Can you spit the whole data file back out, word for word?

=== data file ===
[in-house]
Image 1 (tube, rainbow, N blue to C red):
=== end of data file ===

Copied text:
[in-house]
Image 1 (tube, rainbow, N blue to C red):